Simple buck switching regulator circuit

Edit: Just to add, this is to go into an application that will be running 24x7x365, with around 0.05A current draw for 99% of the time.

I'm wanting a cheap, safe and reliable way of taking AC power into my project box to power a 5V 0.4A (peak current) circuit. After looking at all the options it would seem the best way would be for me to have the following:

Isolation transformer -> Rectifier -> Smoothing cap -> Buck Switching Regulator

Which is certainly within the realms of possible. Although I've got a couple of questions:

1) If a transformer outputs 18VAC at 178mA (supplying power of 3.2VA), would the regulator be able to source 0.64A from it (5V / 3.2VA)... Obviously this is ignoring the voltage drops over the other components.

2) There is a very large price difference between 4 power diodes and a pre-made bridge rectifier, does a pre-made bridge rectifier have any benefit beyond the 4 diodes?

3) I don't need to go down this route because I'm requiring isolation for safety (hence the transformer), and in fairness I'm rather ignorant about flybacks etc. but could I not get an AC/DC converter (from this category on Farnell), which would replace the isolation transformer and rectifier then continue the schematic as above?

Thanks.

Have you considered a 5VDC output, regulated plugpack, (wall wart). You can get them in 1A very easily, and it would be cheaper, smaller and easier than what you're considering. It fits all of your criteria:-

cheap, safe and reliable

I would use a USB adaptor, lots on eBay. ex: 5 for $8.00 ;) http://www.ebay.ca/itm/5-Pack-Micro-USB-Wall-Charger-Adapter-2Amp-Power-For-Samsung-Galaxy-Note-3-S5-/152020749533?hash=item2365248cdd:g:P~cAAOSwAuNW7L8Z

OldSteve: Have you considered a 5VDC output, regulated plugpack, (wall wart). You can get them in 1A very easily, and it would be cheaper, smaller and easier than what you're considering. It fits all of your criteria:-

Yes, I've had a look at them and have considered using them, breaking it open to remove the prongs and fitting it inside the enclosures and filtering the output (200mv p-p appears quite common). They are certainly quite cheap and they do meet the safety standards (assuming I get a branded one), but I'm concerned that at that price point getting one that is reliable (i.e. using well know and reputable component manufacturers) would be very difficult.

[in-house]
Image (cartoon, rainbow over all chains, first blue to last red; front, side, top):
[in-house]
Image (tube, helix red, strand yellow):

LarryD: I would use a USB adaptor, lots on eBay. ex: 5 for $8.00 ;)

Hehe, thank you, no kidding! There certainly are lots but I wouldn't trust anything like them for all the tea in china! :D

1) If a transformer outputs 18VAC at 178mA (supplying power of 3.2VA), would the regulator be able to source 0.64A from it (5V / 3.2VA)... Obviously this is ignoring the voltage drops over the other components.

You should get close to that. You'll have to check the efficiency of the buck regulator. i.e. If it's 90% efficient, you have to feed-in 3.56 VA to get 3.2VA out.

If a transformer outputs 18VAC

Don't forget that your filter capacitor will charge-up to the peak voltage, so you'll get about 25VDC. Measure the voltage. You might get a little more than 18V with no load, and your power line voltage isn't "perfect" or perfectly constant. So, make sure the switching regulator can handle more than 25V input. (And, there is a 1.4V drop across your diode bridge.)

2) There is a very large price difference between 4 power diodes and a pre-made bridge rectifier, does a pre-made bridge rectifier have any benefit beyond the 4 diodes?

It's just convenience. I haven't used 4 separate diodes for many years.

3) I don't need to go down this route because I'm requiring isolation for safety (hence the transformer), and in fairness I'm rather ignorant about flybacks etc. but could I not get an AC/DC converter (from this category on Farnell), which would replace the isolation transformer and rectifier then continue the schematic as above?

Your approach is reasonable. I've never built a full-switching regulator and I wouldn't attempt it unless I had a really-really good reason. It's not an easy thing to build, and when working with line voltage, the odds frying components during testing/debugging is fairly high. Then, there's the chance of something going terribly wrong and feeding line-voltage into my low-voltage circuits.

I've made lots of linear power supplies over the years with a transformer, bridge diode, capacitor, and LM78xx and/or LM79xx regulators. But at 400mA, you'd be "pushing it", especially if you are dropping lots of voltage across the (inefficient) linear regulator.

For my most recent project, I decided to buy a switching supply similar to [u]this[/u]. A power supply like that is more expensive than a wall wart, but I didn't want to use one.